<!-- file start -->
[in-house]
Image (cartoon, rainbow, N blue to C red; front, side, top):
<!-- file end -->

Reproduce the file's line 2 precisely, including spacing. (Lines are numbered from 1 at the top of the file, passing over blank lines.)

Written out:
Image (cartoon, rainbow, N blue to C red; front, side, top):